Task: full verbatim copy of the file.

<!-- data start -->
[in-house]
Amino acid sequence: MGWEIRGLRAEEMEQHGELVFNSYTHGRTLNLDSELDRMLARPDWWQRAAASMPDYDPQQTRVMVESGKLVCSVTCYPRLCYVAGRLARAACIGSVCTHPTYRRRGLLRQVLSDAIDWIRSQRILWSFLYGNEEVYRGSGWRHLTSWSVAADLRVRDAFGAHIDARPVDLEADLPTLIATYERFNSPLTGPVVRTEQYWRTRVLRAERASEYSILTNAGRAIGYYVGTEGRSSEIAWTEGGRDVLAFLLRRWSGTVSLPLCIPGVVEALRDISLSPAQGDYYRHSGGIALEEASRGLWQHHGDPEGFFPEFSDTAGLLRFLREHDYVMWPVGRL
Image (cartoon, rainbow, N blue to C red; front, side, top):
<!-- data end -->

[in-house]
Amino acid sequence: MGWEIRGLRAEEMEQHGELVFNSYTHGRTLNLDSELDRMLARPDWWQRAAASMPDYDPQQTRVMVESGKLVCSVTCYPRLCYVAGRLARAACIGSVCTHPTYRRRGLLRQVLSDAIDWIRSQRILWSFLYGNEEVYRGSGWRHLTSWSVAADLRVRDAFGAHIDARPVDLEADLPTLIATYERFNSPLTGPVVRTEQYWRTRVLRAERASEYSILTNAGRAIGYYVGTEGRSSEIAWTEGGRDVLAFLLRRWSGTVSLPLCIPGVVEALRDISLSPAQGDYYRHSGGIALEEASRGLWQHHGDPEGFFPEFSDTAGLLRFLREHDYVMWPVGRL
Image (cartoon, rainbow, N blue to C red; front, side, top):